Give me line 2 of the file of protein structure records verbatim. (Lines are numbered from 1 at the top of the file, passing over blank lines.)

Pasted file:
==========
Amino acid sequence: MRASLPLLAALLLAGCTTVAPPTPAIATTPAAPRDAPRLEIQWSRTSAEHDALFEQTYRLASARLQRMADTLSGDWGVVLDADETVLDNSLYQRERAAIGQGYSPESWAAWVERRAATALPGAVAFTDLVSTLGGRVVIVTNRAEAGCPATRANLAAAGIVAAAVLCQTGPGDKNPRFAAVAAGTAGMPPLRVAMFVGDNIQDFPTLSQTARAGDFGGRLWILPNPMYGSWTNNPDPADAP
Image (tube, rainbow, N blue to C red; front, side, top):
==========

Image (tube, rainbow, N blue to C red; front, side, top):